When a teaser image for Dota 2’s 6.86 patch appeared last Sunday, it felt like Christmas had come early. Dota 2 patches are a big deal: they have a chance to redefine the game and most changes are totally unpredictable. This patch didn’t disappoint, and some of the new additions have fundamentally altered how Dota is played. With that in mind, these are eight of the biggest changes in 6.86.
Heroes that depend on passives are in for a tough time
Phantom Assassin got a nice little intelligence boost this patch, but she’s probably feeling down in the dumps due to one specific change: Silver Edge’s break can no longer be purged. Break is a mechanic that disables a hero’s passive skills. This includes Phantom Assassin’s Coup de Grace and Blur, Huskar’s Berserker’s Blood, and Anti-Mage’s Spell Shield. While Silver Edge is expensive and the break is still prevented by spell immunity, any passive-dependent hero has to play with incredible caution. A Black King Bar will be needed to deter any would-be breakers. Bristleback with broken bristles is incredibly squishy, and a broken Phantom Assassin feels like a really bad Anti-Mage.
Aether Lens redefines how some heroes play.
Aether Lens provides two bonuses that were almost never seen in Dota: more cast range on targetted spells/items and a slight buff to all spell damage. At first glance that may not seem impressive, but the 200 cast range buff can redefine heroes and totally alters mid-game scaling. For instance, an Ogre Magi with Aether Lens may suddenly have the range on Fireblast to make him a constant threat in team fights. For Bane, Fiend’s Grip would have whopping 825 range.
For many heroes that can use the item, Aether Lens will compete with an early Blink Dagger, Force Staff, or Aghanim’s Scepter. A hero dependent on getting a quick initiation will probably invest in items that provide faster movement. Though anyone that doesn’t need to start a fight in the blink of an eye might pick up an Aether Lens: heroes like Witch Doctor, Lina, or Zeus. In the case of the former, his positioning can become ridiculously safe with the extra range. In the case of the latter two, the bonus damage supplements the range for some major pain.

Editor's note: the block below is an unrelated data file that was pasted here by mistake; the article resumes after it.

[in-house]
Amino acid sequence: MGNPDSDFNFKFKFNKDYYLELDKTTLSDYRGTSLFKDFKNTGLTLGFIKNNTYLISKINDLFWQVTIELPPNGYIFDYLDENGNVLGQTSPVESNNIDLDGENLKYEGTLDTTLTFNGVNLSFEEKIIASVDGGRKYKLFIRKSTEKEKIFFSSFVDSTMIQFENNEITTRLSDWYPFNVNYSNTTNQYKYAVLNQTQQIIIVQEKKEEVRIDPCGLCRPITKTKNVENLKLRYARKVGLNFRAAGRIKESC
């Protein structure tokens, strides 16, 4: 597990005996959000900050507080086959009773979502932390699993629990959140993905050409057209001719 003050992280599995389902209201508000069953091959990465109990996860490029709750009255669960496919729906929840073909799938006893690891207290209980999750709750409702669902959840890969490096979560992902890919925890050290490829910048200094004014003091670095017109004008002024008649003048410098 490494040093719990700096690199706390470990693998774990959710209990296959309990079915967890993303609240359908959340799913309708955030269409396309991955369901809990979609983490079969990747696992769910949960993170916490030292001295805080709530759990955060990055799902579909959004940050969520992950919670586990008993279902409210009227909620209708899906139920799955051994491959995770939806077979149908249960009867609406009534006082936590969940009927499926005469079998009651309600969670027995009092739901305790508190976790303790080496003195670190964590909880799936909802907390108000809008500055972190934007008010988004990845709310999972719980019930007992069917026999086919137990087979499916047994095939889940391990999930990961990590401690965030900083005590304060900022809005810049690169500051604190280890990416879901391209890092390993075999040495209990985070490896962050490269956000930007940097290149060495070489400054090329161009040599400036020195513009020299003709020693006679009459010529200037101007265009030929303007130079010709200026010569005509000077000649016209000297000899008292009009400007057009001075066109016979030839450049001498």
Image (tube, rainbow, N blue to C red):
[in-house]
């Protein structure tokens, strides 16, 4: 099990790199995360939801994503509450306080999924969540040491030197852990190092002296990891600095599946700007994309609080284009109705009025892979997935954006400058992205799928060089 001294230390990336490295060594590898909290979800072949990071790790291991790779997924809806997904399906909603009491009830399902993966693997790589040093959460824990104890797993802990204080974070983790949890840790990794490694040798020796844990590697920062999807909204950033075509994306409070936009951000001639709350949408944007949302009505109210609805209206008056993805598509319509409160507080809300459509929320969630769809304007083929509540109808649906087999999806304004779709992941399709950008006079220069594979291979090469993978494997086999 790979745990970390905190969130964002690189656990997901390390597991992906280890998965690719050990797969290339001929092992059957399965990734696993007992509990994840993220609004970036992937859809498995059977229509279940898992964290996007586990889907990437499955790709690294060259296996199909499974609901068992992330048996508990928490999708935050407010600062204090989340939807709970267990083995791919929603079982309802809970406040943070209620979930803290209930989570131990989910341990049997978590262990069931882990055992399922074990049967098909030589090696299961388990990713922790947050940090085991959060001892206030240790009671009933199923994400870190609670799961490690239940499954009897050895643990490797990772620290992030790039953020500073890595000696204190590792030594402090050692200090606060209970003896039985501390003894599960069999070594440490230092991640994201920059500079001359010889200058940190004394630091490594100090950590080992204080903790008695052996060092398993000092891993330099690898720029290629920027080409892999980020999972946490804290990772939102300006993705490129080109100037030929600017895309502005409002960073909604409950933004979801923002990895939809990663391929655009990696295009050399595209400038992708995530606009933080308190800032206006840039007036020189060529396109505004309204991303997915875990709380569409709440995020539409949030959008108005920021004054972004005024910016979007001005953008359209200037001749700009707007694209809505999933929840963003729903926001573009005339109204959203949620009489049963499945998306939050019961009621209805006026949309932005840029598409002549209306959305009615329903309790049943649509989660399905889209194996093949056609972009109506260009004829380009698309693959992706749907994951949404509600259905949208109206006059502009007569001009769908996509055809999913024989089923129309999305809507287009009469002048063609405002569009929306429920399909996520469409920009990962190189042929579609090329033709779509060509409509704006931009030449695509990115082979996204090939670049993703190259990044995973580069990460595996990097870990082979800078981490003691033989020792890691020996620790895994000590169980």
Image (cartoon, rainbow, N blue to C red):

Dragon Lance opens up options for ranged carries.
Dragon Lance is another cool addition, providing modest stats and a 130 attack range boost for ranged heroes only. While it will be great on certain heroes, like Enchantress, its effects aren’t as pronounced as those from the Aether Lens. It can be disassembled, so it might see play in tower pushes before being put away for a Black King Bar. This could be extra effective with heroes that outrange towers with a Dragon Lance, and lead to way more early pressure.
The laning item possibilities are insane
What if players could start the game with 12 bonus damage, 200 spare gold, and the ability to pop a small heal every 5 seconds? Four new items were added in 6.86, and two have a direct impact on the early game. For 75 gold, Faerie Fire provides 2 damage and can be instantly consumed for a 75 HP heal. Combine this with a Mango, and it’s possible to lane entirely off of consumables. Or maybe mids want to start with a spare Iron Branch, which can now be consumed to drop a happy little tree. This can be used defensively to escape, or even offensively to trap heroes in abilities like Tusk’s Ice Shards. Early game item builds have always had some divergence, but now there are some very noticeable active effects that cost less than 125 gold. Expect some sick tree-planting plays.